During her PhD, Silja Burkhard from the Bakkers group studied the development of cardiac pacemaker cells in the zebrafish. She defended her thesis “Keeping the Rhythm: Cardiac Pacemaker Cell Development” on November 28, 2017.
The heart is responsible for continuously pumping blood through the body during your entire life. The contraction of the heart is initiated by the pacemaker cells, specialized heart cells, which are located in the sinus node and regulate heart rhythm and heart rate. They are also able to adapt the heart rate, for instance during sports.
Together with colleagues, Burkhard discovered that the zebrafish also has pacemaker cells, and that these are marked by the expression of a gene called Islet-1. In the zebrafish heart, Islet-1 is also expressed in the pacemaker cells, which the researchers found to be located in a ring around the inflow of the heart, contrary to humans in which these cells are located in the sinus node (see figure).
Zebrafish in which the Islet-1 gene is mutated display a very low heart rate. The heart stops beating for periods of time and eventually these zebrafish do not survive. This showed Burkhard and her colleagues that Islet-1 is not only a marker of pacemaker cells, but also has an important role in the development of these cells.
To find out more about the pacemaker cells in the zebrafish, Burkhard used tomo-seq, a technique that was recently developed in the Hubrecht Institute. Using this technique, she cut the embryonic zebrafish heart in very thin slices (see figure) and analyzed the gene expression in each of these slices. This way, she was able to investigate the expression of genes at any specific place in the heart.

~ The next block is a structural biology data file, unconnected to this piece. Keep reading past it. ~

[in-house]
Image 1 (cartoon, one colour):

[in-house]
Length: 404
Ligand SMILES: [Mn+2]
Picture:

Using tomo-seq Burkhard found that the cells pacemaker cells that express Islet-1, also specifically express other genes. Among these are genes involved in the Wnt signaling pathway. It turned out that Wnt signaling is required for the influence of the autonomous nervous system on the heart rate.
In collaboration with researchers in Canada, Burkhard also studied the CAID (Chronic Atrial and Intestinal Dysrhythmia) syndrome. Patients with this syndrome are known to have defective pacemaker cells, both in the heart and in the intestine. These patients have a very slow and irregular heartbeat and their intestines are much less peristaltic than in healthy persons. It turned out that a mutation in the SGOL1 gene was causing this syndrome. Burkhard could show some of the symptoms of these patients in SGOL1-inhibited zebrafish: they have a lower heart rate too.
What can we learn from the research on the cardiac conduction system? “More knowledge on the molecular mechanisms of the sinus node and its development might help the development of a biological pacemaker in the future”, Burkhard says. “If we learn how pacemaker cells develop during embryogenesis, we might be able to generate these cells in the lab and use them to treat sinus node dysfunction.”